Before Judges Muir, Jr., Eichen, and Coburn.
The opinion of the court was delivered by: Coburn, J.A.D.
 Argued October 14, 1998
On appeal from the Superior Court of New Jersey, Law Division, Bergen County.
In this medical malpractice case, the Law Division Judge granted summary judgment to the remaining defendant, Clifford Beinart, M.D. On appeal, plaintiffs, Pia Mancuso and her husband, Lenny Mancuso, who sues per quod, contend that the Judge erred in dismissing their case on the ground that the statute of limitations had run by misapplying the discovery rule of Lopez v. Swyer, 62 N.J. 267 (1973). We disagree, and therefore, we affirm the judgment.
The relevant facts are not in dispute. *fn1 On two occasions, the first in 1988 and the second in 1989, Pia Mancuso, hereinafter referred to as plaintiff, had mammography (radiological studies of the breasts) performed at the Montclair Imaging Center. Dr. Beinart, a radiologist, interpreted the films and prepared and signed mammogram reports for plaintiff's physician. In each instance, Dr. Beinart noted the existence of a cyst as a possible abnormality of the right breast and described the cyst as "most likely benign." In the first report, he recommended a follow-up mammogram in six months, and in the second report he recommended another mammography in a year. He had no further involvement with plaintiff.
In June 1991, plaintiff entered Holy Name Hospital for a hysterectomy, which included a mammogram as part of the pre-operative work-up. Plaintiff arranged for her 1988 and 1989 mammogram films to be sent to the hospital as a baseline. A radiologist found ovoid densities in the right breast and recommended to plaintiff's surgeon, Spero Neckles, that she undergo a follow-up mammogram in four months. Plaintiff contends that Dr. Neckles failed to advise her of either the abnormal findings or the recommendation for a follow-up in four months. These allegedly abnormal findings and the failure to provide plaintiff with appropriate advice in relation to them formed the initial basis for this civil action.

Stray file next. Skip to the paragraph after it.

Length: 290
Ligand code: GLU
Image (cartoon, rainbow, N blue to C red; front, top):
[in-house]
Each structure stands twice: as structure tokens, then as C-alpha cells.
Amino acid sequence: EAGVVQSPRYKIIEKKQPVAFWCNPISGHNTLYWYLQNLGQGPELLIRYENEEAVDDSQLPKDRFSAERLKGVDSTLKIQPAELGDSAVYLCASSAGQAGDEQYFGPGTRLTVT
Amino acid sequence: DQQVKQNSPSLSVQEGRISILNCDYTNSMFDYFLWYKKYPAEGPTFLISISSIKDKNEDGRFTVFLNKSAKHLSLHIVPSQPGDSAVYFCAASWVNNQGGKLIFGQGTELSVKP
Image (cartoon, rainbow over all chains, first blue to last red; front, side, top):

On July 8, 1992, plaintiff underwent another mammography. The report indicated the cyst identified in the 1988 and 1989 films had not changed, but it also revealed the existence of a suspected malignancy in the right breast in the area of the ovoid densities. Shortly thereafter, the cancer in the right breast, and its extension into eighteen lymph nodes, was confirmed.
Because of the extent of her tumor and metastases to her lymph nodes, plaintiff was confronted with an extremely poor prognosis. Consequently, she underwent an autologous bone marrow transplant and months of debilitating radiation therapy. In December 1992, shortly before the transplant, plaintiff learned for the first time of the abnormality reflected by the June 1991 mammogram and the radiologist's recommendation for a four month follow-up mammogram.
In June 1993, plaintiff consulted counsel with her immediate concern being the failure of Dr. Neckles in June 1991 to advise her of the recommendation for a follow-up mammogram in four months. Plaintiff certifies that at no time did she suspect that her 1988 or 1989 mammogram had been misread. The retainer agreement indicated that she felt the responsible party was defendant Spero Neckles, the surgeon who performed the hysterectomy in June 1991. However, the retainer also said that she was retaining the law firm to "make a claim on [her] behalf against others who are responsible for [her] injuries or damages."